Neck Gaiter.  Absolute must have.  The dilly here is that you have options on how to wear it depending on the temperature.  When its freeze your fanny off cold, I have the thing pulled up over my nose and mouth.  As it gets less frigid, perhaps just over my chin.  Part of the awesomeness is that when it's 20 friggin below zero and you have the thing pulled up over you nose, you feel the heat and moisture from your breath on your face.  I wish that was funny, but there have been times when that was the only thing preventing my face from freezing off.

Winter Ninja
So, if Winters here can be so harsh to commute a pied or on two wheels, why don't I just take the free bus into town right?  What's the old saying - what doesn't kill you makes you stronger?  I don't know, like I said in the beginning, it's a small token to keep my personal impact on this planet down.  I may not do it for the rest of my life, but for now I've made a difference, and that's all that matters.

Now I want to be clear about something.  I'm not suggesting or even advocating that everybody needs to minimize their commuting impact.  Sure it would be nice if more people could, but we're all at different places on this journey called life.  Some people are way into recycling, some are going all green energy, some are even trying to unplug all together.  And still others could care less about all of this stuff.  If we were all the same, Life would be pretty boring.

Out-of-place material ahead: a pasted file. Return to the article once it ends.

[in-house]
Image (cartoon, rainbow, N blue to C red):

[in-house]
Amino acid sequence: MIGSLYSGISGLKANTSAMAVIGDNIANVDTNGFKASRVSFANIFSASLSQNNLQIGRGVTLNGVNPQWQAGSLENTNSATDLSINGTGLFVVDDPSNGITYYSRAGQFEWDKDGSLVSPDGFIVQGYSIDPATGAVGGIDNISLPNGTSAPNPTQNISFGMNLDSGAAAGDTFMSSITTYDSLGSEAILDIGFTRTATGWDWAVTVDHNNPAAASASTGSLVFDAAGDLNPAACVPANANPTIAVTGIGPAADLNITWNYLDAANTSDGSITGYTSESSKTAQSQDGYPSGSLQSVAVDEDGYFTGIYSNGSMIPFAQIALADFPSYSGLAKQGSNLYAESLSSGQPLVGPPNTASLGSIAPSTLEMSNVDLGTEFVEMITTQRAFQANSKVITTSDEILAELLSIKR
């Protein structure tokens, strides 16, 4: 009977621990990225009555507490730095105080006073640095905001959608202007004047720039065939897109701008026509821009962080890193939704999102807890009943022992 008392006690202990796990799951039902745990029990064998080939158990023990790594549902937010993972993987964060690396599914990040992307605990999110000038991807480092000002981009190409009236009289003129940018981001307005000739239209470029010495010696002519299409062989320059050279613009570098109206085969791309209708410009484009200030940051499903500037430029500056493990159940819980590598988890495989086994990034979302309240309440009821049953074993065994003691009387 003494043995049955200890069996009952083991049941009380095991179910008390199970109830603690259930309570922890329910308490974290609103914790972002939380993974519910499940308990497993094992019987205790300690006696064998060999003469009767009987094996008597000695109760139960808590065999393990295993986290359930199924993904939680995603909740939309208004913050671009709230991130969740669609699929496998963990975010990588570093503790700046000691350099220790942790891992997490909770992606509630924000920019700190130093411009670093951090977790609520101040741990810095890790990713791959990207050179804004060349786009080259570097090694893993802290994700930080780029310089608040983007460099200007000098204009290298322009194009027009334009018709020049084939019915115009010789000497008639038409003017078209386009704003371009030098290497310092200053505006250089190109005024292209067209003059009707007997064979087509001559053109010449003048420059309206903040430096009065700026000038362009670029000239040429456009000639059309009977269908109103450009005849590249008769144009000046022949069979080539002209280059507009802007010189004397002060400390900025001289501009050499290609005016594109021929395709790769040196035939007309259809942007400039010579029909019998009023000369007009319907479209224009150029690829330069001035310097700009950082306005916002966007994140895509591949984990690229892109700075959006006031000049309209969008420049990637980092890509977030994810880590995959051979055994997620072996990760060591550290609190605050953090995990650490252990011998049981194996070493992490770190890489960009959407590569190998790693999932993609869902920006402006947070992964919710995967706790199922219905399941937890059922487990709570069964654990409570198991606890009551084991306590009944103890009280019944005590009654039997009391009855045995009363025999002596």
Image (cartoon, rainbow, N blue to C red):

Is there a Primal spin on all of this?  Not really.  I suppose my commute contributes significantly to my move around more often that not premise that I laid out in the Exercise post, but there are many ways you achieve that - most of which don't involve risking your life riding your bicycle in freezing weather, on the ice, to work.

PS  A few things before I hit publish on this
  1. It's -10 F here right now
  2. I just did my sprints outside
  3. I'm going to ride my bike into work in 5 minutes
  4. Perhaps I should stop by to see the Doc and have my head checked out


Chuck said...

where do you sprint in that weather?

Aaron said...

Hi Chuck,
You can see the 'launching pad' (as I call it) where I sprint in the first pic of my Foundations Exercise II post. I had to search a bit for a place with the right conditions to be able to sprint in the winter.
Surprisingly, I've yet to encounter conditions there that I would consider too dangerous to do hard sprints. Maybe sometimes I can't go 'all out' if there is a fresh layer of snow, but I can go hard enough to get the benefits I'm after nonetheless.
So what I had to find was a place that is plowed after it snows, but has very little foot traffic. It can be a bit complicated, but its kind of like finding Goldilocks 'just right' porridge. Also, on rare occasions I've used the carbide cleats to assist with icy conditions.
Having said all of that, I do think that there is another option to do outdoor sprints in Wintry conditions. And that would be to find deep snow conditions and go for it. It would almost be like sprinting in slow motion. You would get one heck of a leg workout to boot.